From Hackspace to Secret Hacking Lair

12-09-2016

I've been reading through a book called 'Sapiens' - A Brief History of Humankind by Yuval Noah Harari. It's quite a good read thus far, though he does ride rough-shod over some areas of history I think. I'm excited to see what he thinks about the future of humanity. One thing that came out of the early chapters for me is Homo Sapiens's ability to create fiction, and how these fictions shape the world we live in. Fictions like money, the nation state, religion etc. All of these things help us work and live together in larger groups and accomplish things we'd never be able to do on our own.

Before this time however, we also developed language. A very versatile language that allowed us to, for want of a better word, gossip. We all do it, and we've done it for a very long time. We talk about who is doing what to who, who is trust-worthy and who isn't. This allows us to work in close knit groups of around 150 or so individuals. We can forge relationships that are meaningful and bring us happiness. Our brains and bodies are all setup for such things.

This brings us to the changing nature of the hackspace and why I feel I am part of the collateral damage and, at the same time, part of the problem. It's also why I now have a genuine, underground hacking lair that I share with my partner who makes amazing jewellery.

I rarely venture into the London Hackspace these days and I'm not the only one. I've been a member for over 6 years now. I joined just as the space moved into it first rented place - above an archery range in Islington. I've seen it grow from a handful of individuals to the 1000+ members it has today. I've seen hackspace go from obscurity to the mainstream. I've seen amazing things built there but I've also seen problems grow and the community begin to fracture.

People have commented that the London Hackspace needs to be smaller. We have seen subgroups form that generally look after there own stuff. It's unclear to me how well these subgroups work with each other, if at all? Some subgroups cloister themselves in certain rooms. Others seem to function as one person's personal power-base. Some subgroups genuinely need separate rules and training for safety reasons so it's unfair to blame them entirely for making the place seem more fractured.

When I joined, I knew everyone. In addition, we were building a new thing and had a common sense of purpose. I can remember one mad afternoon where I and one other chap packed the entire hackspace away in boxes so the landlord wouldn't find out what we were up-to. These were good times! You could say that we all believed in the place or had a shared, common story that what we were making was a new, good thing and the UK should have this. I'm sure people involved in Hackspace Foundation have different ideas perhaps, but even as just somebody who helped move stuff and run the occasional class, there did seem to be a common fiction we all shared.

At CCCamp last year, I was amazed to see a march happening, with people shouting and carrying banners and the like. All the participants were protesting the government spying programs and the lack of privacy these days. I found it odd because after-all, who were they preaching to? Everyone at the camp was pretty much on-side. Now, I think I understand. This was more of a sort of ritual, reaffirming the very human need to belong. CCC and the European hacker types have a strong political streak that the UK hackerspaces do not. I think this is actually a good thing for the European spaces to have because it allows larger groups of people to work together.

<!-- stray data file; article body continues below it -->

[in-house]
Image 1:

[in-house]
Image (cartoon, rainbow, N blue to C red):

The space today has drama and issues surrounding a wide variety of areas, from the abuse the laser cutter maintainers take, to the recent EGM. Some say these are just growing pains and that the space is genuinely better off. Indeed, the diversity of the space seems to have improved and we have a lot more space to play with now. Other members may disagree with many of the things I've said here. I'd be the first to admit that I've also changed, along with the space. One way I've changed actually hurts the space; I don't do as many of the basic chores, nor do I run any classes there anymore. I've begun to believe that if you arent doing these things you are part of the problem.

We've seen other models of hackspaces that avoid some of the problems by latching onto other mythos, such as capitalism and entrepenurship. Fab-Labs (and probably the god-awful Here-East) are different approaches that seem similar on the surface, but are founded on quite different principles underneath. I've never felt any sort of allegiance to these places in the same way, which suggests London Hackspace was on to something. I wonder if the future of the place is to either split into smaller spaces when the rent inevitably becomes too much or find a mythos, a cause or a story, to really rally behind

Ultimately, however, I just don't hang out there any more, having #topnerdybants with friends. While I still pop in to check the notice boards, buy a club mate and see if there are any interesting bits of kit in the recycling bins, I have many projects I wish to finish and that requires the right tools, ready for use. If I'm brutally honest, it make me rather sad. This is normal though. Things change and people move on. I'll still pay my dues - I want the place to succeed even if I don't see my place in it anymore. The place served me well and I served it. Perhaps that's enough?

The underground hacking lair is an absolute dream come true. While my partner and I don't have a lot of space we've managed to pack away quite a lot down there. One wall is covered with plastic boxes full of camping gear, teddy bears and Belfast inks. The other contains our respective work benches. One even has a tiny pillar drill on it! It's not really a hackspace of any-kind, but it's home!